As this Group’s observers noted at the time of the parliamentary elections in December, 2004, many ordinary Uzbeks complained about low wages and other economic issues. Their access to foreign satellite media gives them an exaggerated picture of living standards or human rights abroad. For instance, anyone seeing the CNN coverage of Georgia on 10th May, 2005, at the time of President Bush’s visit to Tbilisi would not have known that unemployment was sharply up since the “rose revolution”, that power cuts and water outages were routine, that the prison population had doubled, or that even government officials freely admitted that torture in police custody was routine Georgia today. Instead only upbeat rhetoric about freedom and prosperity in the new Georgia.
Distorted perceptions of one’s own relative poverty play a big role in discontent. But foreigners often misunderstand locals’ complaints. When they complain about lack of jobs, for instance, in post-Soviet societies what people mean is not that they are without work but that the state no longer offers enough secure places in its bureaucracy. In Uzbekistan and across the ex-Communist world, this Group’s reporters have repeatedly met hoteliers and restaurant-owners who say, “I have no work”, but mean “I have to do this sort of job rather than sit in an office.” One North American contributor to the BBC News website expressed his contempt for self-employment: “I have been to Uzbekistan several times, and during each visit, I found people's lives were getting worse and worse. Many educated people were forced to be self-employed because there were no jobs available. Almost every one in Tashkent is a self-employed, businessman. They are struggling to put food on the table.”[8] In other words Horatio Alger should have looked to a Federal office-job as his road to self-improvement. Small business is often the engine of economic and political change when undertaken by the Andijan 23 but when a way of making a living for thousands it becomes reactionary and oppressive inn this way of thinking.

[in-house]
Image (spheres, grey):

Economic discontents, real and imagined, are a threat to the stability of any regime, but ironically it is further impoverishment which generally offers the route to stability. Take Georgia again: Shevardnadze ruled for eleven years as things got worse, only to be toppled by his protégés who used discontent to provide the crowds in November, 2003, only to plunge the population into worse poverty afterwards – though President Saakashvili is careful to boast that he had “increased salaries 10-fold” for the police![9] In despotic un-reformed Uzbekistan, no Western sugar daddies are paying for such lavishly-endowed police. According to Radio Free Europe, “, Bahodir Musaev, a Tashkent-based independent sociologist, says there are many policemen dissatisfied with their monthly salary of around $60.”[10] Come the revolution, those policemen who don’t get killed by the indignation of The People may well get a Georgian-style salary hike – to keep the people in their place once the crowd has served its purpose in legitimising change for Western television viewers.

[1] See,
[2] See,3604,1486933,00.html,
[3] See,[4] See Uzbek Television first channel, Tashkent, in Uzbek 1530 gmt 20 May 05 @ BBC Mon Alert CAU 200505 vpa/fm,
[5] See “Unrest simmers in Uzbek border town” @ wl_afp/uzbekistanunrest_050521162515&printer=1,
[6] See,799,16921274,
[7]Quoted @ uzbekistan. It is striking that before the crisis President Karimov refused to attend the GUUAM conference in Kishinau earlier in May, 2005, maybe because he did not want to rub shoulders with Georgia’s rose revolutionary president or Ukraine’s orange president, or even Moldova’s “free market” Communist Voronin, or maybe he knew that something was brewing in Uzbekistan. Ceausescu went to Iran in December, 1989, for two days fatal to his regime,
[8] Nurtai, New York, USA,
[9] See Mikheil Saakashvili, “Five core principles for the world’s reformers” in Financial Times (26th May, 2005),
[10] Quoted @